SCOTT SIMON, HOST:
And the winner is "La La Land." Sorry, somebody handed me the wrong script. Gary Alan Coe - Gary from Chicago as he introduced himself - enjoyed four minutes and 40 seconds of fame this week when he was first in line of Hollywood tourists ushered into the Dolby Theater during the Oscar ceremonies. Most of the tourists seemed flabbergasted to be paraded in their shorts and fanny packs in front of cinema stars and silk and glitter. But Gary from Chicago was gregarious and engaging. He kissed Nicole Kidman's extended hand as if he were an Italian count. He introduced his fiance, and Denzel Washington posed between them to pronounce the man and wife by the star power invested in him by the state of California.
Social media platforms began to buzz with guesses about what commercials and paid appearances Gary would make while his Oscar limelight was still hot. But Gary Coe's fame fizzled by midnight. It took just a few clicks to establish that he'd been released from the California State Prison in Corcoran just three days before. He was convicted of petty theft in 1997 and sentenced to 20 years because he'd also been previously convicted of grand theft and shoplifting in California, robbery and burglary in Illinois and, most alarmingly, attempted rape in 1978.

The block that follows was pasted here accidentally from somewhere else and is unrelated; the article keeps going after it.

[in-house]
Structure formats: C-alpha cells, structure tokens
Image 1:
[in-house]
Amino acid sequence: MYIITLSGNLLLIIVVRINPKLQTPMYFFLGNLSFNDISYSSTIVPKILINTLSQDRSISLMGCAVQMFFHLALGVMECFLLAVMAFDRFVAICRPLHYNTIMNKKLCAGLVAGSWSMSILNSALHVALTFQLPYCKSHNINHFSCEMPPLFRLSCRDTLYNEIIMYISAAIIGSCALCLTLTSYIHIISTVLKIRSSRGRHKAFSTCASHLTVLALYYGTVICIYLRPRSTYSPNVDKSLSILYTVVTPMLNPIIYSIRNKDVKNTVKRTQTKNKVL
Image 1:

The story of Gary Coe may remind you a little of Ken Bone. He's the man in the red sweater who became a brief sensation after asking a calm question at a presidential debate last fall. Then people read some of Ken Bone's old postings on Reddit and found many that were coarse, profane and appalling.
Fame, even brief and fleeting, has a flip side these days - absolute exposure. It is not possible to be just a little well-known today without the risk of having your whole life peeled open. Ken Bone asked a balance question about energy policy. Gary Coe thought he was just a guy along with his fiance and other sightseers on a Hollywood tour group.
Neither man ran for office, got appointed to the Cabinet or otherwise invited a deep dive into their lives. You don't have to overlook the wrongs they did to feel for the way celebrity machinery made them household names and then infamous in just a few minutes.
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